Storage of Single Photons in Atomic Vapor II


In this proposal we exploit the potential of long-living coherent spin-excitations in hot atomic vapor as a storage medium for photonic quantum states. This idea may lead to an interface between quantum information encoded in stationary (atomic) and flying (photonic) qubits. By use of electromagnetically induced transparency, ¹³³Cs vapor looses its opaqueness for a particular electronic transition, accompanied by a steep slope in the index of refraction. Single photons, emitted on this transition, will be slowed down to group velocities of a few hundred meters per second. These photons can either be generated by a source for single photons based on quantum dot emission existing in our lab or by narrow-band parametric down-conversion. In the field of quantum information, the fundamental interest in single photon storage is stimulated by theoretical research on quantum repeaters that may help to increase the communication range of fiber-based quantum cryptographic systems limited to about 100 km today. Other applications of this storage device cover entanglement transfer from photons to collective atomic states, shape control of photon wave packets, and experiments in non-linear optics.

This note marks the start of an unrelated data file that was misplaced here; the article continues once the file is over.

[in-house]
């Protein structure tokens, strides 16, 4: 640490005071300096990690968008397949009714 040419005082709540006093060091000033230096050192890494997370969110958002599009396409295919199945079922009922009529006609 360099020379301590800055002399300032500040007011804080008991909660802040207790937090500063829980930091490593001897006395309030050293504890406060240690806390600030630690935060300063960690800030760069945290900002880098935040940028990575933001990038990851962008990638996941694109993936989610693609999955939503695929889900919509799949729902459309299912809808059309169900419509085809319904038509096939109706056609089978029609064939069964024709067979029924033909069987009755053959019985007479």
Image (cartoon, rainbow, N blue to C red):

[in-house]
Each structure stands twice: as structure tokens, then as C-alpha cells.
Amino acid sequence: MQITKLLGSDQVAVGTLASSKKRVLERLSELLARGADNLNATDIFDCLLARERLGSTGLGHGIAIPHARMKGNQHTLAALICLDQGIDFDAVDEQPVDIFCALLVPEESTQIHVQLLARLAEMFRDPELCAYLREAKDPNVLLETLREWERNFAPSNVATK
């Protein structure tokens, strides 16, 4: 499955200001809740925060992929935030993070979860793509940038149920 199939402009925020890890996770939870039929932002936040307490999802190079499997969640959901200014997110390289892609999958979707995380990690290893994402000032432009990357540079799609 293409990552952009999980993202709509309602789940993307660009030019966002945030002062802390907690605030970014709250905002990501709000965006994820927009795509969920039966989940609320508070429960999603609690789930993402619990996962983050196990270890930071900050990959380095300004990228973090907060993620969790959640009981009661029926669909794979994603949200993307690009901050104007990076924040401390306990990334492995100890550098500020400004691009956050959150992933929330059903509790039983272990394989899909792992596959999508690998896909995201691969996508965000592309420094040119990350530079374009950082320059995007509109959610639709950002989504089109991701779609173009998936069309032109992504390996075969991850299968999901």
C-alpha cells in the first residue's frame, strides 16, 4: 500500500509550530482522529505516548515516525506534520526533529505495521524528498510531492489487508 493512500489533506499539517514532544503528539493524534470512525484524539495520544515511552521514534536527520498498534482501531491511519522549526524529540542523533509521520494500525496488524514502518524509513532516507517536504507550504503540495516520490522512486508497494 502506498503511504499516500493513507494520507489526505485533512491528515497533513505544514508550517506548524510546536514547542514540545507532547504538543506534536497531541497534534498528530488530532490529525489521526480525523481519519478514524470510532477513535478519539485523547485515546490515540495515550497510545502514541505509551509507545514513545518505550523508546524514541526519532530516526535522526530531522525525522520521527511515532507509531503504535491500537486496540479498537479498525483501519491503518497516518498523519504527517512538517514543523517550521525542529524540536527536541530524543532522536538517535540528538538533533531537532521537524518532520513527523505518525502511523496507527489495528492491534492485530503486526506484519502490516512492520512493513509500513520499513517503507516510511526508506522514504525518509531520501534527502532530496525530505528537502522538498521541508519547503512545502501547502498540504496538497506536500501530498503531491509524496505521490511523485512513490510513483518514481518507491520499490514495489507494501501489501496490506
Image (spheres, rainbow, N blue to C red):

In this proposal we exploit the potential of long-living coherent spin-excitations in hot atomic vapor as a storage medium for photonic quantum states. This idea may lead to an interface between quantum information encoded in stationary (atomic) and flying (photonic) qubits. By use of electromagnetically induced transparency, ¹³³Cs vapor looses its opaqueness for a particular electronic transition, accompanied by a steep slope in the index of refraction. Single photons, emitted on this transition, will be slowed down to group velocities of a few hundred meters per second. These photons can either be generated by a source for single photons based on quantum dot emission existing in our lab or by narrow-band parametric down-conversion. In the field of quantum information, the fundamental interest in single photon storage is stimulated by theoretical research on quantum repeaters that may help to increase the communication range of fiber-based quantum cryptographic systems limited to about 100 km today. Other applications of this storage device cover entanglement transfer from photons to collective atomic states, shape control of photon wave packets, and experiments in non-linear optics.


Principal Investigators
Benson, Oliver Prof. Dr. rer. nat. (Details) (Experimental Physics / Nanooptics)

Duration of Project
Start date: 09/2007
End date: 08/2008

Last updated on 2020-09-03 at 17:07